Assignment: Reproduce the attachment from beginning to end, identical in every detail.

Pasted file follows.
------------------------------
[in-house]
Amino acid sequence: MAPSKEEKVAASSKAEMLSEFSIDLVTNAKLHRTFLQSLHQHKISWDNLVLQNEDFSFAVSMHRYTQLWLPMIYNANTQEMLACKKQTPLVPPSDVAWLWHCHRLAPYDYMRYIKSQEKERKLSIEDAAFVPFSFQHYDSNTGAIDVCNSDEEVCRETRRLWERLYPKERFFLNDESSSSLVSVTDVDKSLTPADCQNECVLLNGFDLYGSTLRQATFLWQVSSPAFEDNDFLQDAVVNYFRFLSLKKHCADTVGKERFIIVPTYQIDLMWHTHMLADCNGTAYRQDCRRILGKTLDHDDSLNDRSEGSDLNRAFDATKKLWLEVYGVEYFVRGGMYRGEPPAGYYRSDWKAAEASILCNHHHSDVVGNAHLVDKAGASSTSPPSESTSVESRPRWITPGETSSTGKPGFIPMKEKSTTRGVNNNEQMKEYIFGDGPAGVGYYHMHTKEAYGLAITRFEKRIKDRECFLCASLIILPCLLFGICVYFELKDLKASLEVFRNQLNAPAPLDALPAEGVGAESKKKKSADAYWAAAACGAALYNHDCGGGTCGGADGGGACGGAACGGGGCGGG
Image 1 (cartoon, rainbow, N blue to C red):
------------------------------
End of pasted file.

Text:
[in-house]
Amino acid sequence: MAPSKEEKVAASSKAEMLSEFSIDLVTNAKLHRTFLQSLHQHKISWDNLVLQNEDFSFAVSMHRYTQLWLPMIYNANTQEMLACKKQTPLVPPSDVAWLWHCHRLAPYDYMRYIKSQEKERKLSIEDAAFVPFSFQHYDSNTGAIDVCNSDEEVCRETRRLWERLYPKERFFLNDESSSSLVSVTDVDKSLTPADCQNECVLLNGFDLYGSTLRQATFLWQVSSPAFEDNDFLQDAVVNYFRFLSLKKHCADTVGKERFIIVPTYQIDLMWHTHMLADCNGTAYRQDCRRILGKTLDHDDSLNDRSEGSDLNRAFDATKKLWLEVYGVEYFVRGGMYRGEPPAGYYRSDWKAAEASILCNHHHSDVVGNAHLVDKAGASSTSPPSESTSVESRPRWITPGETSSTGKPGFIPMKEKSTTRGVNNNEQMKEYIFGDGPAGVGYYHMHTKEAYGLAITRFEKRIKDRECFLCASLIILPCLLFGICVYFELKDLKASLEVFRNQLNAPAPLDALPAEGVGAESKKKKSADAYWAAAACGAALYNHDCGGGTCGGADGGGACGGAACGGGGCGGG
Image 1 (cartoon, rainbow, N blue to C red):